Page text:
Whilst the sums HMRC fine businesses are often modest, the consequences of being named and shamed for a business can be devastating. They may first try a telephone ‘fishing trip’, so be very wary of your answers. It is important that if you are investigated by HMRC you seek advice from the outset.

 

 

 

 

 

Clients are welcome to raise any concerns with their Consultant, who will be pleased to advise you on any element of the issues arising from this newsletter.

It is to be hoped that 2021 will be better for employers than 2020.  One thing that remains certain is that this period remains a key time for development of employment law.  It has been said that death and taxes are the only certainties in life.  Death we have sadly had plenty of during the pandemic; taxes we are likely to eventually see increased to pay for the huge financial cost to the Government of COVID-19, but employers may wish to add a third – changes to employment law. To this end, employers must ensure they keep up-to-date with all legal requirements, and take the necessary steps to prepare.

Prepare for changes to Minimum Wage and Other Statutory Rates

The Government has confirmed that minimum wage rates, including the National Living Wage, are still to increase from 1st April 2021 despite the coronavirus pandemic. Additionally, the National Living Wage, currently paid to those aged 25 and over, is to be expanded to include those aged 23 and over. The rates are to increase as follows:

 

April 2020

April 2021

% increase

National Living Wage (23+)

£8.72

£8.91

2.2%

21 – 22 year old rate

£8.20

£8.36

2.0%

18 – 20 year old rate

£6.45

£6.56

1.7%

16 – 17 year old rate

£4.55

£4.62

1.5%

Apprentice rate

£4.15

£4.30

3.6%

The current accommodation offset, as of 1st April 2021, has increased from £8.20 to £8.36 for each day – midnight to midnight – that you make the accommodation available to the worker in a pay reference period, up to a maximum of £57.40 (£58.52 from 1st April 2021) a week. The effect on minimum wage pay depends on whether or not you charge for the accommodation.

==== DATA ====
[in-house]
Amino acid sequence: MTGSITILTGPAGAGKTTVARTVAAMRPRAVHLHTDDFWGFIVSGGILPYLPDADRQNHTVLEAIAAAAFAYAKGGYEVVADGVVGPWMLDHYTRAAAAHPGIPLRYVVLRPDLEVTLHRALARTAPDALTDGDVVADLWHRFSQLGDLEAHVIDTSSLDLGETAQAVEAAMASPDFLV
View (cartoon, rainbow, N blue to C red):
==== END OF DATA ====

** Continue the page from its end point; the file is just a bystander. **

Additionally, proposed increases to family leave and sick leave pay have been announced. Whilst these are yet to be confirmed:

  • Weekly pay for maternity, paternity, shared parental, parental bereavement and adoption leave is set to increase from £151.20 per week to £151.97 per week; and
  • Statutory sick pay is to increase from £95.85 to £96.35 per week;

New immigration laws

From 1st January 2021, the free movement of persons ended, meaning individuals from the EU will no longer have the automatic right to live and work in the UK. Instead, a whole new set of immigration laws are to be introduced. There will be a new points-based immigration system in place from 1st January 2021. EEA nationals arriving in the UK from 1st January will need to comply with the same visa requirements as other non-UK nationals.

All foreign nationals will now need to seek to enter the UK in the same way, and there will be a number of methods in which they can seek to do this. However, the majority are expected to use the new “Skilled Worker Route”. To be able to work in the UK legally under the “Skilled Worker Route”, foreign nationals have to meet specified criteria in order to earn at least 70 points. Crucially, this involves being offered a job from an approved sponsor. Employers will need to make sure the sponsor licence is in place in good time (licence applications can take about 6 weeks to process).

Employers should understand how the new system will affect their recruitment, and should consider whether they will need to apply for a sponsor licence. We suspect most of our clients will not do this.

They should encourage (or continue to do so) their existing EEA employees to apply for settled or pre-settled status. Such people already in the UK before the end of the transition period have a grace period until 30th June 2021 to apply under the settlement scheme. Employers also need to understand the rules on right to work checks during this period. They are slightly different than those checks which started back in 2008.

Gender pay gap reporting – again (for some)